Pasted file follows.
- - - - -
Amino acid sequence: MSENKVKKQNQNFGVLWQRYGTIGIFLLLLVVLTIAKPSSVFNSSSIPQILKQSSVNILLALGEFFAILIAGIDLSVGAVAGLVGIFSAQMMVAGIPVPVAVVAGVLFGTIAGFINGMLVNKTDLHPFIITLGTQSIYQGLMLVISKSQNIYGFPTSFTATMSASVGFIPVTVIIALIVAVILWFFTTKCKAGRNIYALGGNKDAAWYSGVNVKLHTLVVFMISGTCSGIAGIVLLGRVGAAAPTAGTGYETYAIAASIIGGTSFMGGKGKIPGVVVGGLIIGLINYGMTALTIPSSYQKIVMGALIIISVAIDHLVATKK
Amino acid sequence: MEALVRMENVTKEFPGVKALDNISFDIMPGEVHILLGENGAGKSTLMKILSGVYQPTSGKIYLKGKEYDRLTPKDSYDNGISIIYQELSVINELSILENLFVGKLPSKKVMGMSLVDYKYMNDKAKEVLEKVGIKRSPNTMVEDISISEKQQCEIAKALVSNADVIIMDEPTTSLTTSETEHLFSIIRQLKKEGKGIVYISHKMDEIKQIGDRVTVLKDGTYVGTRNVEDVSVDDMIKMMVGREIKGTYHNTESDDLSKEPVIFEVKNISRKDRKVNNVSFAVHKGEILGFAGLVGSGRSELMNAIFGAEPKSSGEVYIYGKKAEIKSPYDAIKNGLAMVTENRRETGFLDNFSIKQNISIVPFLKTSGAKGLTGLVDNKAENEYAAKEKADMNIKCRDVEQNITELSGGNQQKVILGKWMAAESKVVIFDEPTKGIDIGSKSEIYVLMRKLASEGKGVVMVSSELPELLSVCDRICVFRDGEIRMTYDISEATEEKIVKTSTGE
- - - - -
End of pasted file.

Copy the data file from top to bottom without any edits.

Amino acid sequence: MSENKVKKQNQNFGVLWQRYGTIGIFLLLLVVLTIAKPSSVFNSSSIPQILKQSSVNILLALGEFFAILIAGIDLSVGAVAGLVGIFSAQMMVAGIPVPVAVVAGVLFGTIAGFINGMLVNKTDLHPFIITLGTQSIYQGLMLVISKSQNIYGFPTSFTATMSASVGFIPVTVIIALIVAVILWFFTTKCKAGRNIYALGGNKDAAWYSGVNVKLHTLVVFMISGTCSGIAGIVLLGRVGAAAPTAGTGYETYAIAASIIGGTSFMGGKGKIPGVVVGGLIIGLINYGMTALTIPSSYQKIVMGALIIISVAIDHLVATKK
Amino acid sequence: MEALVRMENVTKEFPGVKALDNISFDIMPGEVHILLGENGAGKSTLMKILSGVYQPTSGKIYLKGKEYDRLTPKDSYDNGISIIYQELSVINELSILENLFVGKLPSKKVMGMSLVDYKYMNDKAKEVLEKVGIKRSPNTMVEDISISEKQQCEIAKALVSNADVIIMDEPTTSLTTSETEHLFSIIRQLKKEGKGIVYISHKMDEIKQIGDRVTVLKDGTYVGTRNVEDVSVDDMIKMMVGREIKGTYHNTESDDLSKEPVIFEVKNISRKDRKVNNVSFAVHKGEILGFAGLVGSGRSELMNAIFGAEPKSSGEVYIYGKKAEIKSPYDAIKNGLAMVTENRRETGFLDNFSIKQNISIVPFLKTSGAKGLTGLVDNKAENEYAAKEKADMNIKCRDVEQNITELSGGNQQKVILGKWMAAESKVVIFDEPTKGIDIGSKSEIYVLMRKLASEGKGVVMVSSELPELLSVCDRICVFRDGEIRMTYDISEATEEKIVKTSTGE